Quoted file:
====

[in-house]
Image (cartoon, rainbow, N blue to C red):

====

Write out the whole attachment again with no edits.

[in-house]
Image (cartoon, rainbow, N blue to C red):